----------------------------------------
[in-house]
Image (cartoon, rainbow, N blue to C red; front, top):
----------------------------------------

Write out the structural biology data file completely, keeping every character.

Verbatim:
[in-house]
Image (cartoon, rainbow, N blue to C red; front, top):